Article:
A UN Pedigree, under UN Power: Examining the FTAA's Tripartite Committee and Following the Money Trail Back to the United Nations Exposes the UN's Behind-the-Scenes Control

By Jasper, William F. | The New American, February 7, 2005 | Go to article overview

A UN Pedigree, under UN Power: Examining the FTAA's Tripartite Committee and Following the Money Trail Back to the United Nations Exposes the UN's Behind-the-Scenes Control


Jasper, William F., The New American


It was clear from the initial Summit of the Americas in Miami in 1994 that the FTAA would be completely an instrument to advance the world government agenda of the United Nations on the hemispheric level. The summit produced two documents, a Declaration of Principles and a Plan of Action. The declaration proclaims: "We reiterate our firm adherence to the principles of international law and the purposes and principles enshrined in the United Nations Charter.... " It also pledges to "advance and implement the commitments made at the 1992 United Nations Conference on Environment and Development" (the radical Earth Summit), which launched a host of dangerous frauds, including Agenda 21, the incredible scheme to micromanage the entire planet and all human activity). The Miami Plan of Action promises that FTAA governments will "cooperate fully with all United Nations" agreements and "give serious consideration to ratifying the United Nations Convention on the Rights of the Child."

This pattern has been followed at all subsequent FTAA summits, with pledges to ratify and implement virtually every UN treaty and convention, as well as the UN's Millennium Development Goals and other socialist programs and wealth redistribution schemes. But the UN-FTAA connection goes far beyond mere pledges and rhetoric.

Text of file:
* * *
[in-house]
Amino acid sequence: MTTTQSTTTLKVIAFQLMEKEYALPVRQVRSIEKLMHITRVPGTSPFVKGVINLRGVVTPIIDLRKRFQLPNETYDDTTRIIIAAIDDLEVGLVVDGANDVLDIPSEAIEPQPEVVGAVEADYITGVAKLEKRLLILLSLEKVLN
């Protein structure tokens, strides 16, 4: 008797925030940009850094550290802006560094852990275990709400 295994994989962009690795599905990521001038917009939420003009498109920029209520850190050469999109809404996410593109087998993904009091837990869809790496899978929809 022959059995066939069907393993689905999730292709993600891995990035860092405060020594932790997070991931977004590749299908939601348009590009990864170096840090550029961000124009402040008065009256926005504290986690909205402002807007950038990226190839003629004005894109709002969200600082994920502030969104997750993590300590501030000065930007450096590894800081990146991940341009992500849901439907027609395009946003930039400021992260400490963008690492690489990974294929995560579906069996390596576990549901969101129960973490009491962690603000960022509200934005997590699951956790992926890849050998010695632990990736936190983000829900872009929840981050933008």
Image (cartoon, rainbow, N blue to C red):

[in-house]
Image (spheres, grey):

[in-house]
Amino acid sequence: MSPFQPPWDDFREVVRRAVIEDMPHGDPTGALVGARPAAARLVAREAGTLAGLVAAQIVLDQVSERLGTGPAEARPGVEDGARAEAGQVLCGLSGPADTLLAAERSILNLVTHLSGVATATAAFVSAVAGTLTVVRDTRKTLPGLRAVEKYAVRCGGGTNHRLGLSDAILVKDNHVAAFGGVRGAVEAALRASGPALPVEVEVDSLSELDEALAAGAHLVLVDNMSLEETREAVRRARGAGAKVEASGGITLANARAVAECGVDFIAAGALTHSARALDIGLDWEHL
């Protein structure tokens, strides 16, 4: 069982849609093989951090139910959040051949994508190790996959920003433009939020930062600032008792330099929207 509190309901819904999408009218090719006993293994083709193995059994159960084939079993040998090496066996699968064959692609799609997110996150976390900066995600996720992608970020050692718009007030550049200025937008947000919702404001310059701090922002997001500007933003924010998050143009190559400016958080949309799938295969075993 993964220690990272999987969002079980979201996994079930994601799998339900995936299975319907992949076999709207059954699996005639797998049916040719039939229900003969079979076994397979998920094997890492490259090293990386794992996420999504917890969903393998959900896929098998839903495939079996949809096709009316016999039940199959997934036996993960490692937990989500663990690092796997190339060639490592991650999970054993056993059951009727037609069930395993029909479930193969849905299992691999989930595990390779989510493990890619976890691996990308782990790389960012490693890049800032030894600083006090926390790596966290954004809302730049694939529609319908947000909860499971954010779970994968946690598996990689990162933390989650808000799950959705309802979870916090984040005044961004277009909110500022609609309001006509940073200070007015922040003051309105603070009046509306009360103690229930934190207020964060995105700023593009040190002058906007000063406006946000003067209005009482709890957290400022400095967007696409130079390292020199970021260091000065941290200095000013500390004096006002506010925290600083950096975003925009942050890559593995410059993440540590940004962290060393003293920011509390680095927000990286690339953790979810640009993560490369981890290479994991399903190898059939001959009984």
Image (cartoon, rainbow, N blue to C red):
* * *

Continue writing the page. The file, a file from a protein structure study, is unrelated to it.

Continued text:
Crucial to understanding the UN's role in the entire FTAA process is an awareness of the Tripartite Committee. This body that has been in charge of organizing, guiding, and overseeing the Summits of the Americas since 1998. It will serve as the executive brain of the FTAA should the FTAA be adopted.

The Tripartite Committee also provides financial and technical assistance to the summits and the many Ministerial Meetings and Negotiating Group Meetings that prepare national delegations and leaders for the summits. It also guides, and is virtually the only source of funding for, the FTAA Administrative Secretariat. But the FTAA is not supposed to be a functioning entity; how can it already have an Administrative Secretariat? This is a UN operation, remember. The UN has no constitutional restrictions or accountability. …

The rest of this article is only available to active members of Questia

Already a member? Log in now.

Notes for this article

Add a new note
If you are trying to select text to create highlights or citations, remember that you must now click or tap on the first word, and then click or tap on the last word.
One moment ...
Default project is now your active project.
Project items
Notes
Cite this article

Cited article

Style